Semaglutide drugs Ozempic, Wegovy and Rybelsus could be linked to an increased risk of a vision loss disorder, new study data suggests.

According to the study published in JAMA Ophthalmology, patients with Type 2 diabetes who took semaglutide — a glucagon-like peptide-1 (GLP-1) class drug — had about a fourfold higher risk for developing nonarteritic anterior ischemic optic neuropathy (NAION) compared with patients not on a GLP-1 agonist, researchers reported.

Overweight people who took semaglutide for weight loss had an over sevenfold higher risk.

To gather data, scientists looked at the medical records of 16,827 patients and analyzed a sample size of 629 cases of NAION over six years.

NAION is the second most common form of optic neuropathy, a significant cause of blindness in adults, researchers said. NAION occurs when blood flow stops to the optic nerve. The incidence rate is about two to 10 people per 100,000 people.

“It is, in effect, a stroke of the optic nerve,” senior study author Dr. Joseph Rizzo, the director of neuro-ophthalmology at Mass Eye and Ear in Boston, told NBC News.

Researchers cautioned that while the study findings are statistically significant, they don’t establish that semaglutide causes NAION.

“This study’s findings suggest an association between semaglutide and NAION. As this was an observational study, future study is required to assess causality,” the study authors wrote.

Vision Loss Side Effect May Lead to Lawsuits

Shortly after the study was published, lawyers began investigating potential semaglutide vision loss and blindness lawsuits.

“This recent study uncovered a potentially significant relationship between the use of semaglutide and a very specific kind of vision loss caused from loss of blood flow to the optic nerve. It is incumbent upon the manufacturers of these widely used products to investigate this association further and warn the millions of individuals currently being prescribed,” said Trent Miracle, managing partner of the pharmaceutical division at Flint Cooper.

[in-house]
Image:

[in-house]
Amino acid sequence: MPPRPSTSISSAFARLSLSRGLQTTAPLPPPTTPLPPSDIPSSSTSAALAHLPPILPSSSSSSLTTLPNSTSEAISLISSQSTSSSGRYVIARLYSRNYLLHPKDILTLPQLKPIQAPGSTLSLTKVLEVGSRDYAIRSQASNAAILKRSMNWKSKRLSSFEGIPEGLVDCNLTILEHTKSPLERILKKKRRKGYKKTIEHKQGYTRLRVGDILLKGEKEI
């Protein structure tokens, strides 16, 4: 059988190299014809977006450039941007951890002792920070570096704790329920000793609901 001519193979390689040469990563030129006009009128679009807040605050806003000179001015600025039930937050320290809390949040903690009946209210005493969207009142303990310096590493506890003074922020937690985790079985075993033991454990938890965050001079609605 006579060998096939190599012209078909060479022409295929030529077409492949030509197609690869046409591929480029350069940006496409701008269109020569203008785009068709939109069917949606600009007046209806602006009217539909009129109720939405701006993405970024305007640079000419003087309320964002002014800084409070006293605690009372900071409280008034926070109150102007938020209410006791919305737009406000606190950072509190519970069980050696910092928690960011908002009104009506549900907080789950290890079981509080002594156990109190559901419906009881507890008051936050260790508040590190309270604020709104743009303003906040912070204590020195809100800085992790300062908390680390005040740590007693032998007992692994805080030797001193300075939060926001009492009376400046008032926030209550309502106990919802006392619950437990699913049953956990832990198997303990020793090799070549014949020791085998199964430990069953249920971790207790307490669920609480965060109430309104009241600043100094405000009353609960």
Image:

Miracle said anyone who used a semaglutide drug and received a diagnosis of NAION could have a viable claim.

These new vision loss claims wouldn’t be the first group of lawsuits for semaglutide drugs. Currently, there are about 105 personal injury lawsuits for gastrointestinal issues pending in federal court in the Eastern District of Pennsylvania.

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FDA Receives 1,776 Reports of Semaglutide Eye Disorders

According to the FDA Adverse Events Reporting System (FAERS), 1,776 eye disorders were reported as of March 31, 2024. Of these reports, 409 were for visual impairment and 71 were for blindness. However, because these were voluntary reports, FDA cannot confirm these were caused by semaglutide.

Semaglutide has previously been linked to exacerbation of retinopathy, progression of proliferative retinopathy, and new-onset macular edema. However, this is the first time semaglutide has been linked to NAION.

Researchers theorized that semaglutide “enhanced sympathetic nervous system activity might influence optic nerve head perfusion and potentially increase the risk of NAION.”

So far, Ozempic is the most prescribed semaglutide-containing medication, followed by Wegovy, the JAMA study said. Based on their data, researchers theorized that cases of NAOIN linked to semgalutide will go up as semaglutide prescriptions increase.

In a statement to NBC, a Novo Nordisk spokesperson said this study doesn’t have enough evidence to establish a link between semaglutide and NAION.

“Patient safety is a top priority for Novo Nordisk, and we take all reports about adverse events from the use of our medicines very seriously,” the spokesperson told NBC.